The FTX bankruptcy has recently made headlines in the crypto industry and broader news landscape. It has caused a significant stir for good reason. FTX Exchange, one of the largest cryptocurrency exchanges globally, filed for bankruptcy, leaving investors shocked. In this article, we will delve into the factors that led to FTX’s downfall and what it means for the future of the cryptocurrency market.
To fully understand the FTX bankruptcy, we must first trace the rise of both FTX Exchange and its parent company, Alameda Research. Alameda Research, founded by CEO Sam Bankman-Fried and CTO Gary Wang, is a quantitative trading firm. In May 2019, FTX Exchange was launched by Alameda Research. FTX positioned itself as a crypto derivatives platform, allowing traders to access popular cryptocurrencies like Bitcoin (BTC), Ethereum (ETH), and Ripple (XRP). This strategy catapulted FTX to become one of the largest cryptocurrency exchanges globally, with over one million users as of July 2021. FTX’s popularity was expected to grow further as the firm pursued aggressive marketing and introduced new features like the FTX Token (FTT). The FTX Token (FTT) was created by the firm to incentivize customers with trading discounts and other benefits. Speculators purchased the token with the belief that its value would increase as FTX gained more popularity. The FTX Token (FTT) also had a burn mechanism, in which the founders were anticipated to gradually reduce its supply over time, further bolstering its value.
FTX and Alameda Research’s rapid rise was primarily due to efficient marketing and smooth capital raising. During the crypto bull run in 2021 and early 2022, capital investments were readily available. As one of the leading crypto derivatives platforms, FTX took advantage of this by raising hundreds of millions in venture capital. Prominent investors, such as Sequoia Capital, engaged in careless investing during this frenzied period. SBF’s public image and effective altruism also played a role in attracting more investors to FTX. His modest lifestyle and apparent concern for animals and the environment resonated with people. Consequently, FTX and Alameda Research reached the top of the cryptocurrency exchange rankings.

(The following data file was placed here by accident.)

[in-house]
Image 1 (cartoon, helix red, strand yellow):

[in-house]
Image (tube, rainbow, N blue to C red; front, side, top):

Sam Bankman-Fried is the CEO and founder of FTX Exchange. He entered the cryptocurrency trading space in 2017 during Bitcoin’s dramatic surge to $20,000. Before founding FTX, Bankman-Fried had already experienced success as an entrepreneur and investor through the establishment of Alameda Research in 2017. The main factor that propelled Bankman-Fried’s success was arbitraging the inefficiencies across different crypto exchanges. Recognizing the price discrepancies, he bought Bitcoin at the lowest price on one exchange and sold it at the highest on another, generating substantial profits. While questions remain regarding his initial capital, Bankman-Fried’s early success as a trader paved the way for FTX’s establishment in 2019.
In 2022, FTX made significant strides toward mainstream appeal by sponsoring renowned athletes like Tom Brady and securing naming rights for the Miami sports arena, rebranding it as FTX Arena. As a centralized exchange, FTX provided users with the ability to trade FTX tokens (FTT) and other cryptocurrencies. Its centralized nature allowed for swift decision-making and implementation in the market. FTX also offered a wide range of trading options, including futures contracts, options, and perpetual swaps, which leveraged users’ trades and amplified potential returns. The combination of these factors attracted many casual crypto traders to FTX, resulting in exponential growth in its user base. Unfortunately, this growth led to significant losses for depositors when FTX ultimately filed for bankruptcy.
FTX and Alameda Research capitalized on the failures of other major crypto players through strategic acquisitions. Their leverage in the crypto markets allowed them to offer solutions that other companies couldn’t. For instance, FTX secured a deal with BlockFi, providing a $400 million revolving credit facility and an option to acquire BlockFi for $240 million. However, FTX eventually faced bankruptcy, just a few months after acquiring BlockFi, as its parent company also succumbed to insolvency. Initially praised for “saving” BlockFi, SBF and FTX’s health were overlooked by media outlets. As a private corporation, FTX was not obligated to release financial statements, enabling it to maintain the appearance of security while expanding rapidly. The collapse of insolvent entities became inevitable, as FTX failed to fulfill its promise of safety due to a lack of liquidity.
The catalyst that sealed FTX’s fate was a leak of its balance sheet, which revealed its insolvency. Upon discovering this, Binance founder CZ threatened to liquidate all of its holdings in FTX Token (FTT). This revelation emerged in early November, and those informed had only a few weeks to withdraw their funds from FTX before the platform was officially shut down in December 2022. Binance had acquired a considerable amount of FTX Token (FTT) through previous dealings with FTX’s founder. CZ acted swiftly, effectively dismantling FTX.